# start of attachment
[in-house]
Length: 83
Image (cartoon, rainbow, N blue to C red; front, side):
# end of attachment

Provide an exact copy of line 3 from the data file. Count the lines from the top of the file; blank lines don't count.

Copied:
Image (cartoon, rainbow, N blue to C red; front, side):